Who better to wreak havoc with eight beloved fairytales than Gregory Maguire, the brilliantly funny author of the adult novel Wicked: The Life and Times of the Wicked Witch of the West, as well as of the hilarious middle-grade series, The Hamlet Chronicles.
Zany animals of all species run through these fractured tales with alarming speed and dexterity. Who would have thought that Sleeping Beauty, that most regal of all fairy- tales, could be twisted into the story of a frog with a most unusual and promising dance career? Get ready to meet a gorilla queen and a psycho chimp, seven giant giraffes; and one very bad walrus.
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February 20, 2006
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Excerpt from Leaping Beauty by Gregory Maguire
The king and queen of the frogs gave birth to a baby. They were delighted, for they had long wanted a child. The tadpole was as green as the slime in a vernal pond, and the bumps on her skin had bumps of their own. The king and queen decided to call her Beauty, as she was the most beautiful thing they had ever seen.
When the time came to have a party to celebrate her birth, the royal parents invited all the fairies in the kingdom, including bumblebees, butterflies, and an airborne brotherhood of beetles.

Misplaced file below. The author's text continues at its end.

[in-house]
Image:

The party started out swell. The bumblebees brought their bagpipes, the butterflies brought their banjos, and the beetles brought their bassoons. The queen frog set up the guests in a summerhouse so that their hootenanny music could carry across the pond. (You'd be surprised how much music is written for bagpipe, banjo, and bassoon trios.)
The king frog kept a watch fondly over his little Beauty.
The bumblebees ate the biscuits, the butterflies ate the butter and bread, and the beetles ate the beets. The queen frog kept putting out more, for it was her fondest hope that the fairies would feel like bestowing precious gifts on her beloved, wide-smiled daughter.
When dinner was through, the music struck up again. Many of the fairies danced the hootchy-cootchy. As the lights began to dim and evening chill settled in the air, one by one the fairies stopped their dancing and playing and came forward to look lovingly upon the newborn frog.
"On behalf of the bumblebees, I have a gift," said the boss of the bumblebees, chomping on his cigar. "We bees like to hum a lot. We love songs. So let this little cutie hum and sing songs whenever she likes. She will have a beautiful voice for all to hear and enjoy. Her ribbit will be as loud as a foghorn."
"Thank you," murmured the queen frog. "Thank you all, my darling bees."
The baron of the butterflies fluttered forward. "On behalf of all the butterflies, I should like to give her a gift," he said. "I should like her to move with the grace of a butterfly. Her froggy progress through a pond shall be as moonlight through a glade."
"Bravo," chortled the king frog. "Dear butterflies--our unending thanks!"
Just then there was a buzz at the end of the field. Who should come droning along but the wickedest fairy of the meadows -- a huge, ancient hornet, with a stinger as long as a candy cane.
"Who invited her?" muttered the queen frog.